Effectively leading a small group of kids has many challenges. Challenges you might expect: fitting material into 20-30 minutes, redirecting wild behavior, keeping kids engaged. And challenges you could never anticipate: having to scrap lesson plans to have an impromptu discussion on whether or not pet rats get into heaven, ransacking the snack closet to find something for the kid who skipped breakfast, or the one I never saw coming…

…The Old Hat Syndrome.

This is what happens to a Bible story when it’s been told eight times already… and it’s only November. There are only so many kid-friendly Bible stories and no matter how many spins or perspectives there are, Eve always eats the fruit, baby Moses is always found by the princess, and David always defeats Goliath. How can I make the Jonah and the Whale sound like a fresh, exciting story? How many times can a 4th grader hear about Jesus staying behind in the Temple? Are we really teaching Noah’s Ark again?

How can I help the kids in my group see and process the story in more meaningful, personal ways?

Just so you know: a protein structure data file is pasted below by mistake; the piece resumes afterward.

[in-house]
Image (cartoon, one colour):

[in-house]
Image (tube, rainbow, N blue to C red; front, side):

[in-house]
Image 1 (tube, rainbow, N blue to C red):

Here are a few questions I’ve found help the kids in my group think about each Bible story in a fresh light:

  • Was there anything that surprised you in today’s story?
  • Did you learn anything new?
  • If you could ask God one question about today’s story, what would you ask?
  • What do you think is the most important thing you should remember about this story?
  • How does this story make you feel closer to God?
  • Is there anything you need to start/stop doing because of this story?
  • What did you feel as you read/heard/saw/acted out this Bible story?


These questions go beyond children giving the ‘right’ answers and help them really think about what the story means to them.

There’s also creative ways to ask these questions so they don’t get old hat, too!

  • Put questions on a cube or spinner, have kids draw a number and those whose number matches the one the teacher calls gets to roll or spin.
  • Place 2 or 3 colors in a bag.  Have kids draw a color and then their color will dictate what to do activity-wise.
  • Review/discuss and get the wiggles out by tossing around a beach ball with questions written or taped on them.


What questions do you ask to help children process and apply the Bible story to their lives?


By Kathie Phillips

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